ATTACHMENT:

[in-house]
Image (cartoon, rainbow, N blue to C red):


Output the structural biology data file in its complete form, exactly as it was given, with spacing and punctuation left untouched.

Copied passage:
[in-house]
Image (cartoon, rainbow, N blue to C red):